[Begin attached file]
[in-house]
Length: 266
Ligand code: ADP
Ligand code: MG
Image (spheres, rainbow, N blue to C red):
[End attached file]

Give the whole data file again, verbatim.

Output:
[in-house]
Length: 266
Ligand code: ADP
Ligand code: MG
Image (spheres, rainbow, N blue to C red):